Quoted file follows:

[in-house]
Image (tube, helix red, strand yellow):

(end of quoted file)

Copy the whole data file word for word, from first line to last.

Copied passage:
[in-house]
Image (tube, helix red, strand yellow):